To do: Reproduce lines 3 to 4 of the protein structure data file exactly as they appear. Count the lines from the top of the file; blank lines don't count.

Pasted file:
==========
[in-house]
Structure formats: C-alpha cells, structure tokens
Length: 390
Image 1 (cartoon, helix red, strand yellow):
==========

Length: 390
Image 1 (cartoon, helix red, strand yellow):